A forage harvester is a piece of farm machinery that is used to harvest forage crops such as grass to process them into silage. Forage harvesters may be powered, which are known as self-propelled forage harvesters, or they may be towed from the tractor and be PTO-driven. Forage harvesters are sometimes also known as foragers, choppers or silage harvesters.
Whether they are self-propelled or mounted, the basic configuration is the same. They have a flywheel or drum that is fitted with a number of cutting knives. The chopped crop is then blown from the forage harvester in a chute into a wagon or trailer that can be attached or driven alongside the unit. Some of the larger examples of forage harvesters will also use paddle accelerators, which are used to increase cutting speeds and unloading performance.
When the wagon is full, it can simply be detached and driven back to the store or silo for unloading and processing. At the same time, a second wagon can be attached to allow the forage harvester to continue with its work uninterrupted. Different forage crops have different characteristics that require different cutting techniques, and the forage harvester can be fitted with different cutting heads that can be attached and removed easily. Grass silage, for example, is often mown prior to being harvested. The forage harvester is then fitted with a collection head, or windrow pick-up, to harvest the grass once it has had the opportunity to wilt.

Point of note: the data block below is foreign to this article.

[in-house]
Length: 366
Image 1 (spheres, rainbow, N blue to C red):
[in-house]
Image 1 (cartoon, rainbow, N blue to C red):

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In the case of maize and some other types of whole-crop silage, the crop is cut directly by the forage harvester's header. This unit uses reciprocating knives, disc mowers or sawtooth blades to do the job. Where the machine is being used to harvest cereal crops, it is often fitted with kernel-processing units. These modules have a pair of mill rolls, with teeth that are forced together by springs. Theses teeth crack the kernels of the crop being harvested. The kernel-processing unit is positioned between the accelerator and cutterhead, and it can be swapped out and replaced with a standard grass chute when not in use. Towed harvesters can have single, double or precision chops and may be electronically or hydraulically operated or via a cable.
The towed type of forage harvester is most common on small to medium-size farms, but the larger operations are now moving towards self-propelled forage harvesters. These usually will have a tractor or truck moving beside the forage harvester and trailing a wagon to take the harvested crop. These machines can get extremely powerful, with some boasting engines of more than 1,000hp and capable of cutting swathes 11 metres wide. They can process up to 400 tonnes of silage in a single hour. The harvested crop can be cut precisely to size according to requirements and then treated with enzymes, mould inhibitors or bacteria to aid fermentation.
Checking out a used forage harvester depends entirely on the type of unit being considered. Simple trailed mechanisms are relatively straightforward, but self-propelled harvesters would require a similar degree of inspection as a tractor or combine.
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